|Palais du Luxembourg|
|Constitution of the Year VIII|
The Sénat conservateur ("Conservative Senate") was an advisory body established in France during the Consulate following the French Revolution. It was established in 1799 under the Constitution of the Year VIII following the Napoleon Bonaparte-led Coup of 18 Brumaire. It lasted until 1814 when Napoleon Bonaparte was overthrown and the Bourbon monarchy was restored. The Sénat was a key element in Napoleon's regime.[ citation needed ]
The Consulate was the top-level Government of France from the fall of the Directory in the coup of Brumaire on 10 November 1799 until the start of the Napoleonic Empire on 18 May 1804. By extension, the term The Consulate also refers to this period of French history.
The French Revolution was a period of far-reaching social and political upheaval in France and its colonies beginning in 1789. The Revolution overthrew the monarchy, established a republic, catalyzed violent periods of political turmoil, and finally culminated in a dictatorship under Napoleon who brought many of its principles to areas he conquered in Western Europe and beyond. Inspired by liberal and radical ideas, the Revolution profoundly altered the course of modern history, triggering the global decline of absolute monarchies while replacing them with republics and liberal democracies. Through the Revolutionary Wars, it unleashed a wave of global conflicts that extended from the Caribbean to the Middle East. Historians widely regard the Revolution as one of the most important events in human history.
The Constitution of the Year VIII was a national constitution of France, adopted on December 24, 1799, which established the form of government known as the Consulate. The coup of 18 Brumaire had effectively given all power to Napoleon Bonaparte, and in the eyes of some, ended the French Revolution.
With the Tribunat and the Corps législatif, the Senate formed one of the three legislative assemblies of the Consulate.
The Tribunat was one of the four assemblies set up in France by the Constitution of Year VIII. It was set up officially on 1 January 1800 at the same time as the Corps législatif. Its first president was the historian Pierre Daunou, whose independent spirit led to his dismissal from the post by Napoleon Bonaparte in 1802. The Tribunat assumed some of the functions of the Council of Five Hundred, but its role consisted only of deliberating projected laws before their adoption by the Corps législatif, with the legislative initiative remaining with the Council of State.
The Corps législatif was a part of the French legislature during the French Revolution and beyond. It is also the generic French term used to refer to any legislative body.
A legislature is a deliberative assembly with the authority to make laws for a political entity such as a country or city. Legislatures form important parts of most governments; in the separation of powers model, they are often contrasted with the executive and judicial branches of government.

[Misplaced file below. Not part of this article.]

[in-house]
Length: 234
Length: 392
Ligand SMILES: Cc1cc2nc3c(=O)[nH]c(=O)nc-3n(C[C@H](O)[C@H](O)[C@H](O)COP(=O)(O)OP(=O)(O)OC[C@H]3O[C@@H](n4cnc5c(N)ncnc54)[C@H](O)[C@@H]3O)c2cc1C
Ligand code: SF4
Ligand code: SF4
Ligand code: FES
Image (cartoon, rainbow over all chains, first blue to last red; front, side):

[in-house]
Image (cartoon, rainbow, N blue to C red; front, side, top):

The constitutions of Year X (1802) and Year XII (18 May 1804; instituting the First French Empire under Napoleon) reinforced the importance of the Sénat conservateur.
The Constitution of the Year X was a national constitution of France adopted during the Year X (10) on 16 Thermidor of the French Revolutionary Calendar. It amended the Constitution of the Year VIII, revising the Consulate to augment Napoleon Bonaparte's authority by making him First Consul for Life.
The Constitution of the Year XII was a national constitution of France adopted during the Year XII of the French Revolutionary Calendar.
The First French Empire, officially the French Empire, was the empire of Napoleon Bonaparte of France and the dominant power in much of continental Europe at the beginning of the 19th century. Although France had already established an overseas colonial empire beginning in the 17th century, the French state had remained a kingdom under the Bourbons and a republic after the Revolution. Historians refer to Napoleon's regime as the First Empire to distinguish it from the restorationist Second Empire (1852–1870) ruled by his nephew as Napoleon III.
Set up under the direct influence of the regime's new master, First Consul Napoleon Bonaparte, the Constitution of 22 frimaire year VIII (13 December 1799) was the first to recreate a senate. Napoleon was to make this "Sénat conservateur", charged with watching over the survival of the Constitution, a key element in his regime.
This first senate had to be made up of only 60 inamovible (immoveable, i.e. permanent) members, aged at least 40, to which had to be added two supplementary members every year for ten years, ending up with 20 supplementary members. There was no longer any question of elections (even indirect ones) to form this assembly. The Constitution provided for Sieyès and Roger Ducos, the outgoing second and third consuls, to become ex officio members of the Senate. In consultation with Cambacérès and Lebrun (the new second and third consuls directly designated by the Constitution), it also granted the outgoing consuls the privilege of choosing the majority of the Senate (i.e. 29 other senators). This majority then picked the rest of the members. The Senate thus recruited itself and subsequently replaced deceased members by choosing from among three candidates presented to it by the First Consul, the Tribunat and the Corps législatif.
Pierre Roger Ducos, better known as Roger Ducos, was a French political figure during the Revolution and First Empire, a member of the National Convention, and of the Directory.
Charles-François Lebrun, 1st duc de Plaisance, was a French statesman who served as Third Consul of the French Republic and was later created Arch-Treasurer and Prince of the Empire by Napoleon I.
The Napoleonic senate set itself up at the Luxembourg Palace, based in a semicircle of seats added to the central part of the building by the Palace's architect Chalgrin – in the words of the Constitution, "The sittings [of the Senate] are not [to be] public". The first Sénat conservateur included former members of the revolutionary assemblies (François de Neufchâteau, Garat, Lanjuinais), as well as scholars (Monge, Lagrange, Lacépède, Berthollet), philosophers (Cabanis), and even the explorer Bougainville and the painter Vien, member of the Institut.